The judgment is worth reading – the original trial Judge had been very switched on and in touch in relation to Rihanna, celebrity culture, young people, viral marketing and fashion, including that the item Rihanna was wearing on the unauthorised T-shirt being a “bralet” – and resisted, where I would have not, of saying it was a bralet for a starlet.
This was his original conclusion
There followed an overall evaluation by the judge of the various findings which he had made up to this point. He considered that the fact that the t-shirt was a fashion garment and the further fact that it was on sale in a high street retailer did not assist one side or the other. However, the nature of the image itself was a fairly strong indication that the t-shirt might be authorised and approved by Rihanna herself. So also, the public links between Topshop and famous stars in general and, more importantly, Rihanna in particular, would enhance the risk of consumers believing the garment had been authorised by her. He recognised that the fact that neither the swing tag nor the neck label carried the Rihanna name or the R slash logo pointed against authorisation but, in his view, this was not sufficient to negate the contrary impression. He summarised the position this way:
“72. … Although I accept that a good number of purchasers will buy the t-shirt without giving the question of authorisation any thought at all, in my judgment a substantial portion of those considering the product will be induced to think it is a garment authorised by the artist. The persons who do this will be the Rihanna fans. They will recognise or think they recognise the particular image of Rihanna, not simply as a picture of the artist, but as a particular picture of her associated with a particular context, the recent Talk That Talk album. For those persons the idea that it is authorised will be part of what motivates them to buy the product. I am quite satisfied that many fans of Rihanna regard her endorsement as important. She is their style icon. Many will buy a product because they think she has approved of it. Others will wish to buy it because of the value of the perceived authorisation itself. In both cases they will have been deceived.”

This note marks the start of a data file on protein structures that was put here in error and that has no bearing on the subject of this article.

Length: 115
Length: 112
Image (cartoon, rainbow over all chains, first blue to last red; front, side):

Finally, the judge dealt with damage. He considered that if, as he believed to be the case, a substantial number of consumers were likely to be deceived into buying the t-shirt because of a false belief that it had been authorised by Rihanna then that would obviously damage her goodwill. It would result in a loss of sales to her merchandising business and also represent a loss of control over her reputation in the fashion sphere. It was, he thought, for her to choose which garments she endorsed. In all the circumstances, Topshop’s sale of the t-shirt without her approval amounted to passing off.
I enjoyed the detail that Topshop had commissioned some market research prior to the trial, getting people to look at the T-shirt and comment as to whether they thought it was an official piece of Rihanna merchandise. They called the author of that research.
Sadly, as she was a trainee solicitor working at the firm representing Topshop, one might think that she wasn’t the most impartial witness ever to take the stand. I think the Judge was very kind about that
Mrs Armstrong is a trainee solicitor in the defendants’ solicitors currently seconded to the legal team at Arcadia, the parent group of the defendants. She gave evidence of efforts she had undertaken to find out if Topshop staff were aware of any feedback from customers concerning the t-shirt. She was a good witness but I am not satisfied the exercise Mrs Armstrong described was sufficiently rigorous to establish the proposition advanced, that there had been no comments or relevant feedback relating to the product.